Whenever I release a book, I compare the sales or free downloads to the numbers I had at my peak. Whenever I release a new YouTube video, I compare the views to what I used to get. When I look at my financial situation, I compare it to when things were going extremely well.

While I completely believe in staying motivated and always trying to improve, we need to separate rational and irrational thoughts as well as realistic and unrealistic expectations.

This is one of the million reasons why I’m so grateful for my girlfriend because she sees what I don’t, and this is why we all need great people in our support group. In my mind, I’m failing because I’m not as successful as I once was. Meanwhile, she’s over here explaining to me how I’m doing phenomenal. She watches me on a daily basis work my ass off and slowly rebuild this thing that I created. She sees that even though I’ve been given plenty of opportunities to give up, I haven’t.

If you can relate in any way, I hope you try to catch these thought traps. You and I can work on it together. We need to celebrate our small successes and quit comparing them to our old ones or even the successes of others. Sometimes, there may be days where the biggest success we had was just getting out of bed, and that’s something to celebrate.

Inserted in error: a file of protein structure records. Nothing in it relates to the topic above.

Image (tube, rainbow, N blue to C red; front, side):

Never forget that each day, all we can do is our best. As long as we put in a little bit of work each day, things will get better. They might not get better when we want them to, but they will get better.

Visit www.TheRewiredSoul.com for books I’ve written, and you can follow me on Instagram and Twitter @TheRewiredSoul

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Psychology/mental health/philosophy. Stay up to date by following me here & on Twitter/Instagram @TheRewiredSoul. Books available at www.TheRewiredSoul.com/shop